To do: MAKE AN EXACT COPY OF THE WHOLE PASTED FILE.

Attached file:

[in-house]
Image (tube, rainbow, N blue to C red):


[in-house]
Image (tube, rainbow, N blue to C red):